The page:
As eighteen-year-old Lorenzo Adamani works his way down the Aspromonte mountainside toward the coastal town of Gioia Taura, he is carrying a small hemp sack over his shoulder – a sack containing everything he owns. He is on his way to America, escaping the extreme hardship and poverty of the oppressed Italian South. Responding to American corporate labor recruiters, he does not know what to expect, but is hopeful of a better life -- a life that will enable him to support his mother and siblings left behind in Calabria.
With hopes unfulfilled, Lorenzo is left to make his own way while navigating rough terrain and perilous life circumstances. He eventually finds Mariella, and the two of them create a life together -- struggling, desperately at times, to support a large family in a hostile anti-immigrant environment. Their ultimate success is a testament to their unshakable character and the strength and durability of their Calabrian roots.
With Tears and Laughter is an historical fiction novel telling the story of millions of Southern Italians forced to leave Italy during the late nineteenth century and first part of the twentieth century. This mass immigration is seen in the lives of protagonists whose circumstances and identities shift from peasant subsistence roots in Calabria, Italy to hardship and confusion in America. Lost dreams and financial struggles gradually turn into a life beyond mere survival – a life of contrasting values, cultural integration, and triumphs across generations. Moving back and forth between Southern Italy and the United States, arranged marriages are intertwined with love, Italian wedding feasts, and sometimes humorous intergenerational and cultural differences.
As the book moves back and forth in time and between locations, stories are generated from the standpoint of historical events and actual, as well as fictionalized, recollections. The chapters containing these integrated stories sometimes tell us about the direct experiences and hardships associated with a de facto forced immigration. "New York, New York" stands out in this regard. Here we see how arrival and adaptation to urban tenement life, difficult and stressful in its own right, transitions into the recruited laborers' realization of their indentured servitude.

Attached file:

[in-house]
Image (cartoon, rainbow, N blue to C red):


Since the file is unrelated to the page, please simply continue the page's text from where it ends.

Other chapters tell stories indirectly related to the protagonists' immigration – stories depicting what it is like to be reduced in status as a result of being displaced and unwanted. For example, "Confessions" speaks to how Lorenzo, as a result of a life constantly challenged by hardships and accusations, uses the confessional as an opportunity to proclaim his innocence rather than confess his sins.
"Sickle-Bar Farm" demonstrates how the quest to reproduce the familiar terrace farm lifestyle of Southern Italy becomes distorted and confused in the United States. With a humorous touch, we experience the contrast between a subsistence farm-life of the Calabrian mountainsides and a failed small business farm in Western Pennsylvania.
When finished with this book the reader will have journeyed through the lives of two diaspora Italian immigrants – two courageous and strong people who suffered greatly to make a better life for their children, and others as well.
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|Publisher:||Barnes & Noble Press|
|Edition description:||Historical Fiction ed.|
|Product dimensions:||5.50(w) x 8.25(h) x 1.06(d)|